Preservation of murine C5 following HC3-1496 treatment in vivo


Complement depletion by CVF has long been the “gold standard” for the evaluation of complement playing a role in disease. Complement depletion with CVF allows the determination of the role of complement in disease models by generating a C3/C5 convertase that is both physiochemically stable and resistant to the complement inhibitors/proteases present within biological systems, leading to the depletion of these components and a temporary inactivation of the complement system. While CVF has been effective in demonstrating the role of complement in many settings, the immunogenicity of CVF has limited its ability to progress as a clinically viable biologic (Gowda et al., 1994).

CVF was shown to be effective in reducing the infarct size in a number of animal models of MI/R (Hill and Ward, 1971; Maroko et al., 1978; Crawford et al., 1988; Pinckard et al., 1980). In this study, we demonstrate that decomplementation with the humanized CVF protein, HC3-1496, is similarly effective in reducing infarct size in a mouse model of MI/R injury. Previous studies by our laboratory demonstrated that MBL initiates complement activation following I/R, which is then amplified by the alternative pathway leading to tissue inflammation and injury (Jordan et al., 2001; Stahl et al., 2003; Walsh et al., 2005; Hart et al., 2005). Interruption of the complement activation initiation by blocking MBL or inhibition of the amplification by the alternative pathway leads to similar protective actions in animal I/R models (Jordan et al., 2001; Stahl et al., 2003; Walsh et al., 2005; Hart et al., 2005). In the present study, we show that complement depletion via the formation of a stable C3 convertase containing the humanized CVF protein, HC3-1496, leads to similar cardioprotective action that we observed by inhibition of the alternative or MBL-dependent lectin complement pathways (Jordan et al., 2001; Stahl et al., 2003; Walsh et al., 2005; Hart et al., 2005).

While CVF is known to activate complement components C3 and C5, HC3-1496 does not activate human C5 in vitro (Vogel and Fritzinger, 2007; Fritzinger et al., 2008a; Fritzinger et al., 2009). In the present study, we developed an in vitro assay to test the hypothesis that HC3-1496, unlike CVF, does not activate murine C5. Using C5-depleted human serum, we used the C5 present in normal mouse serum to demonstrate that murine C5 can replace human C5 to lyse sensitized chicken RBCs. The hemolytic activity of C5-depleted human serum could be restored by normal mouse serum, or serum from mice that were treated with HC3-1496 or PBS. In contrast, serum from mice treated with CVF did not restore the hemolytic activity, indicating that little or no C5 was present. Thus, while both HC3-1496 and CVF can attenuate MI/R injury, HC3-1496 does this by only depleting C3 without formation of the potent anaphylatoxin, C5a.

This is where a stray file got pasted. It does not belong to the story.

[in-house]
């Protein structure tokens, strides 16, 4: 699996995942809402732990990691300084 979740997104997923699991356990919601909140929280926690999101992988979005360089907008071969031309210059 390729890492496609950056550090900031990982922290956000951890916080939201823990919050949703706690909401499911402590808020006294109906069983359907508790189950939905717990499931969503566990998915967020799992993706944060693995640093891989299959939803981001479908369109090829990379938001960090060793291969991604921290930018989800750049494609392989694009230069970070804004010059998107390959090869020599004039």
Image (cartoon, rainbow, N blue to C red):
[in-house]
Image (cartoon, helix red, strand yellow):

In summary, we demonstrate that a humanized chimeric form of CVF provides similar cardioprotective actions in vivo following MI/R in mice. Unlike, CVF, HC3-1496 does not activate C5 and may represent a novel therapeutic biologic for the treatment of complement mediated diseases including myocardial infarction.


We gratefully acknowledge Margaret A. Morrissey for the preparation of the blinded cobra venom factor and HC3-1496 for the in vivo studies and for performing the CH50 assays. We would also like to acknowledge June Q. Lee for purifying HC3-1496 and CVF. We thank Heather Kearney for proofing the manuscript.


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GLS and CWV are members of the scientific advisory board for InCode Biopharmaceutics, Inc. (Thousand Oaks, CA). A portion of these studies was funded by a grant from InCode Biopharmaceutics, Inc.

Contributor Information

W. Brian Gorsuch, Center for Experimental Therapeutics and Reperfusion Injury, Brigham and Women’s Hospital, Harvard School of Medicine, 75 Francis Street, Boston, MA 02115.

Benjamin J. Guikema, Center for Experimental Therapeutics and Reperfusion Injury, Brigham and Women’s Hospital, Harvard School of Medicine, 75 Francis Street, Boston, MA 02115.

David C. Fritzinger, Cancer Research Center of Hawaii, University of Hawaii at Manoa, 1236 Lauhala Street, Honolulu, HI 96813, USA.

Carl-Wilhelm Vogel, Cancer Research Center of Hawaii, University of Hawaii at Manoa, 1236 Lauhala Street, Honolulu, HI 96813, USA.

Gregory L. Stahl, Center for Experimental Therapeutics and Reperfusion Injury, Brigham and Women’s Hospital, Harvard School of Medicine, 75 Francis Street, Boston, MA 02115.